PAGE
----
Сonference is focusing on Soviet Modernist architecture and urban planning. Participants include historians of art and architecture, cultural theorists, sociologists, media-studies experts, and practicing architects, who will attempt to overcome the traumatic rupture with the Soviet past and reconnect it to our present culture.
In the summer of 2015 Garage Museum of Contemporary Art moved to its first permanent home, which was the former Vremena Goda restaurant in Gorky Park designed by Igor Vinogradsky in 1968. Architect Rem Koolhaas and OMA took a pioneering approach to the renovation of the building by making very little visible intervention into the original concrete structure, as well as preserving a number of Soviet-era elements such as mosaics and brickwork that have, until now, been accorded little architectural value or historic relevance. For Koolhaas, the preservation of such quotidian elements, together with the minimal approach to construction, avoids what he calls “the exaggeration of standards and scale” that he considers as ubiquitous in new art spaces around the world. For Garage, the architect’s approach has not only provided a unique museum space for the 21stcentury, but also the opportunity to develop a program of events and exhibitions that enable a rethinking and unearthing of the experience of Soviet Modernist architecture and culture in an international context.
Garage’s new initiative includes a number of projects with artists, historians, architects, and curators that will take different forms to bring public access to the cultural heritage of the Soviet epoch as a living entity. This fall, new projects include artists Dmitry Gutov and David Riff producing If Our Soup Can Could Speak: Mikhail Lifshitz and the Soviet Sixtiesfor Garage Field Research (from October 13, 2015); and a series of lectures by architectural historian Anna Bronovitskaya (November 12, 2015—March 3, 2016).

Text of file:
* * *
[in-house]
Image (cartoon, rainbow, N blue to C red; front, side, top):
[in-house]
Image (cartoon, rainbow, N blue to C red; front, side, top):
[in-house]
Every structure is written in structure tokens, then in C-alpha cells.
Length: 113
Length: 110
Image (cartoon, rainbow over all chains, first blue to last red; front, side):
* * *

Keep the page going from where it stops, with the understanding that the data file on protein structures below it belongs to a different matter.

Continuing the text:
The most extensive program to be launched is a three-year exploration of Soviet Modernist architecture and urban planning led by Georg Schöllhammer, Garage International Advisor, starting with a two-day international conference, A Long, Happy Life on Friday 30 and Saturday 31 October.
The conference is inspired by the post-Soviet cities we inhabit today—where many Soviet monuments have changed function, gaining a new life and energy—and by the fact that we are now sufficiently distanced from the Modernist era to attempt an analysis of its complex social and political connotations.
In 1955, the famous State decree, “On elimination of excesses in design and construction” allowed Soviet architects to join the international Modernist movement, and to create the modern cityscape we can see today. The conference recalls and reinterprets Soviet Modernism; its aesthetics and styles; its ideological bias; and the economic views, cultural imagery, and major figures that were the driving forces behind it.
Participants include historians of art and architecture, cultural theorists, sociologists, media-studies experts, and practicing architects, who will explore the traumatic rupture with the Soviet past and reconnect it to our present culture. Each day proceedings will end with a poetic, musical, or theatrical intervention. On the first day—referencing the tradition of poetry readings at the Polytechnic Museum and on Triumphalnaya Square—Garage Teens Team and the Polytechnic Museum’s SKVT Community will transform Garage Atrium into a space for public performances of poetry by the Soviet poets of the 1960s; the European and American heroes of the revolutions of 1968; and contemporary writers in a similar vein. The second day’s intervention will be dedicated to cinematography—an art form that defined the image of the Soviet 1960s. Especially for this occasion, Oleg Nesterov and Megapolis have created a new version of their performance From the Life of the Planets: Music for Unshot Fims of the 1960s.
Conference concept: Georg Schöllhammer, Garage International Advisor
Garage curators: Katya Inozemtseva, Anastasia Mityushina
Main academic partner: Institute of Modernism, Moscow
Research curator: Ruben Arevshatyan